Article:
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Research Papers: Micro/Nanoscale Heat Transfer

Hotspot Size-Dependent Thermal Boundary Conductance in Nondiffusive Heat Conduction

[+] Author and Article Information
Yanbao Ma

School of Engineering,
University of California at Merced,
Merced, CA 95343
e-mail: yma5@ucmerced.edu

Contributed by the Heat Transfer Division of ASME for publication in the JOURNAL OF HEAT TRANSFER. Manuscript received August 5, 2014; final manuscript received March 18, 2015; published online April 16, 2015. Assoc. Editor: Robert D. Tzou.

J. Heat Transfer 137(8), 082401 (Aug 01, 2015) (7 pages) Paper No: HT-14-1517; doi: 10.1115/1.4030170 History: Received August 05, 2014; Revised March 18, 2015; Online April 16, 2015

Thermal transport across interfaces can play a critical role in nanosystems for thermal management and thermal energy conversion. Here, we show the dependence of the thermal boundary conductance (G) of the interface between a 70-nm Al transducer and a Si substrate on the size of a laser pump diameter (D) in the time-domain thermoreflectance (TDTR) experiments at room temperature. For D ≥ 30 μm, G approaches to a constant where diffusion dominates the heat transfer processes. When D decreases from 30 μm to 3.65 μm, G decreases from 240 to 170 MW/m2K due to the increasing nonlocal effects from nondiffusive heat transport. This finding is vital to our understanding of the thermal boundary conductance: it depends not only on inherent interfacial conditions but also on external heating conditions, which makes the accurate measurements and theoretical predictions of thermal transport across interfaces in micro/nanosystems more challenging.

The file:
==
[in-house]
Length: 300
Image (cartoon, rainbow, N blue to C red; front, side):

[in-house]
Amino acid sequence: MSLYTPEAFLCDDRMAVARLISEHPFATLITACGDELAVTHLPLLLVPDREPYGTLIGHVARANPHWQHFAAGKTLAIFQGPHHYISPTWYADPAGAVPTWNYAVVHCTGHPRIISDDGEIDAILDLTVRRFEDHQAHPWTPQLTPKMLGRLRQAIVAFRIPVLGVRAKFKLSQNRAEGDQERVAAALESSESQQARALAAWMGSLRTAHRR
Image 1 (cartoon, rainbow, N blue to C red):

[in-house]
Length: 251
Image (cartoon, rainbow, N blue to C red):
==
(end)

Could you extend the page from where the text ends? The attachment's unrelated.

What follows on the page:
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Figures

Grahic Jump Location
Fig. 1

Comparison of data fitting results of the TPHC model with TDTR data [26]. (a) Amplitude versus time delay and (b) phase angle versus time delay. Pump laser 1/e2 diameter D = 3.65 μm and modulation frequency f = 2.01 MHz.

Grahic Jump Location
Fig. 2

Comparison of data fitting results of the TPHC model and Fourier's law in the TDTR data analyses. A-fitting stands for amplitude fitting, and P-fitting means phase angle fitting. (a) and (b) Amplitude and phase angle versus time delay for pump laser diameter D = 3.65 μm and modulation frequency f = 2.01 MHz. (c) and (d) Amplitude and phase angle versus time delay for pump laser diameter D = 5.44 μm and modulation frequency f = 2.01 MHz.

Grahic Jump Location
Fig. 3

Comparison of data fitting results of the TPHC model and Fourier's law in the TDTR data analyses. A-fitting stands for amplitude fitting, and P-fitting means phase angle fitting. (a) and (b) Amplitude and phase angle versus time delay for pump laser diameter D = 8.9 μm and modulation frequency f = 4.77 MHz. (c) and (d) Amplitude and phase angle versus time delay for pump laser diameter D = 60 μm and modulation frequency f = 6.85 MHz.

Grahic Jump Location
Fig. 4

Thermal boundary conductance G versus the pump laser 1/e2 diameter D

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